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I have a large number of org-mode files where I took my class notes. I would like to export them as PDF files.

However, I like to take notes as in the following example:

#+LaTeX_HEADER: \newcommand\RR{\mathbb{R}}
#+LaTeX_HEADER: \newcommand{\norm}[1]{\left\lVert#1\right\rVert}
* Johnson-Lindenstrauss
** concentration on projection on first $k$ coordinates
   $u \in S^{d-1}$ uniform, think $u \sim N(0, I)$, but normalized 
   each coordinate concentrates around $\frac{1}{d}$
   $g : \RR^d \to \RR^k$ projection to first $k$ coordinates
   then if $L = \mathbb E \norm{g(u)}^2$, then $L \sim \frac{k}{d}$
   and the concentration is very strong:
   $\mathbb P [L \ge \beta \frac{k}{d}] \le \exp(\frac{k}{2} (1 - \beta + \log \beta) )$

When read with org-latex-preview, it is very readable.

The issue is, when exported to pdf, it loses all readability:

The same text, but all in one line

How can I enhance the pdf export to insert linebreaks, and maybe even to render the equations which are in their own lines as if they were in an align environment? Can I insert some parser before the export?

The pdf output format is not crucial, I just want to be able to send these notes to people who don't use org-mode.

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  • Can you please add the contents of your template.org so your example is self-contained? Thanks! If it is too long, then just add what's needed to compile: \RR and \norm is what I've hit so far.
    – NickD
    Dec 23 '20 at 22:53
  • I think it might be fussy to write a parser, given that LaTeX by design ignores single line breaks. You could add ` \` at the end of lines that you don't want to wrap. Similarly, adding doubled $$ on longer equations will get you proper equation environments.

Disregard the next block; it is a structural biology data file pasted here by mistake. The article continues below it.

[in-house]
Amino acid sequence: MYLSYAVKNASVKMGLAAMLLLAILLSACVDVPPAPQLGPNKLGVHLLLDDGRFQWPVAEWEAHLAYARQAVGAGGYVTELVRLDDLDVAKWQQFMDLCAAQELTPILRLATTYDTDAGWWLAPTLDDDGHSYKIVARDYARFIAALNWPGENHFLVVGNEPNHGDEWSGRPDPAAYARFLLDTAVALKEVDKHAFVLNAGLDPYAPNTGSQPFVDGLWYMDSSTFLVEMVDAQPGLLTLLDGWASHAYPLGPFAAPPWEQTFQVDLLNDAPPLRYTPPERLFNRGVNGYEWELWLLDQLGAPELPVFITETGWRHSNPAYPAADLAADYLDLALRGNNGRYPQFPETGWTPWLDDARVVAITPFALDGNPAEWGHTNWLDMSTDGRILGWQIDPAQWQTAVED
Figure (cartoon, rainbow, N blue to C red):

– Tyler
    Dec 23 '20 at 23:54
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Your main problem seems to be that exporting does not honour your line breaks. There are two simple options to get around that.

  1. Do global replace linefeed to two linefeeds, \n to \n\n, before exporting. Every line will be treated as a paragraph. Added whitespace will be ignored in more structured regions of your file like in headers. On the other hand, the indenting of long lines will not be optimal by default. That can be changed in the LaTex export template.

  2. Turn your text lines into unordered, bulleted lists by adding - in front. This takes slightly more effort but you can structure the output more with indenting some list items.

Your note-taking style seems to favour bulleted lists since you do not write full sentences. Creating lists while you take the notes might be the best solution in the long run.

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There is org-export-before-parsing-hook whose doc string says:

Hook run before parsing an export buffer.

This is run after include keywords and macros have been expanded and Babel code blocks executed, on a copy of the original buffer being exported. Visibility and narrowing are preserved. Point is at the beginning of the buffer.

Every function in this hook will be called with one argument: the back-end currently used, as a symbol.

You can try a function that replaces $ with $$, but I doubt that anything automatic will be able to deal with all situations, e.g. you will almost never want $k$ to become $$k$$.

I think you'd be better off leaving the export as is, but rephrasing the text of your notes to add the proper "meat" to the prose. IOW, I think the problem is not that that the math expressions are not readable, it's that there are too many words (and some punctuation) missing to make sense of what you wrote. So revising your notes soon after you take them might be beneficial not only to the people you send them to, but also to your future self.

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